Prince Charles and Camilla, Duchess of Cornwall, have arrived in New Zealand for a six-day royal tour, which will see them meet Prime Minister Jacinda Ardern and visit the cities of Auckland and Christchurch.
The Prince of Wales, 71, and the Duchess, 72, touched down at the Royal New Zealand Air Force Base Whenupai, north of Auckland’s city centre, on Sunday morning, where they were greeted by Governor-General Dame Patsy Reddy and Auckland Deputy Mayor Bill Cashmore before being whisked away in a waiting car.
The first engagement will begin in Auckland on Monday, after which the British royals will travel to Christchurch on the country’s South Island to observe the regeneration of the city since the 2011 earthquake, and see how the community has rallied in the aftermath of the March 15 terrorist attacks.
Their Royal Highnesses will also visit the northern Bay of Islands region and the southern coastal town of Kaikoura during their visit, which runs until November 23.
Charles and Camilla previously visited New Zealand in 2012 to celebrate Queen Elizabeth II’s Diamond Jubilee, and again in 2015 for an official tour.
Prince Charles and Camilla, Duchess of Cornwall, touched down at the Royal New Zealand Air Force Base Whenupai north of Auckland, ahead of their six-day royal tour of New Zealand on Sunday morning
The royal couple (pictured on the tarmac) will spend time in Auckland and Christchurch, observe the regeneration of the city since the 2011 earthquake, and see how the community has rallied in the aftermath of the March 15 terrorist attacks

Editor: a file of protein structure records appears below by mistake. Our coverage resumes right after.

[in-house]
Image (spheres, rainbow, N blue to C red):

On Monday, the couple will lay a wreath at the Mt Roskill War Memorial Park and learn about the stories of Niuean soldiers who served the Commonwealth during World War One.
Royal fans can catch a glimpse of the couple during public walks which will take place at Auckland’s Viaduct Harbour on November 19, and in Christchurch’s Cathedral Square on November 22.
The Prince will also conduct a solo walk in Kaikoura on November 23.
Ahead of the visit, Prime Minister Jacinda Ardern said in a statement: ‘I know that the couple have greatly enjoyed New Zealanders’ warm hospitality…when they visited previously.
‘The Prince of Wales has been a strong advocate for the environment, conservation and sustainability for many years. This visit will provide opportunities for him to engage with New Zealanders on those subjects, and to learn more about the ways in which New Zealand is preparing for the future.’
Disembarking the plane on arrival, Camilla looked elegant in a pale midi-dress adorned with black floral print and a cream coat with gold stitching around the hems.
Camilla looked elegant in a pale midi-dress adorned with black floral print and a cream coat with gold stitching around the hems, teaming the look with her favourite pair of classic beige-and-black Chanel heels
The Duchess teamed the look with her favourite pair of classic beige-and-black Chanel heels, a style she has worn regularly since 2005.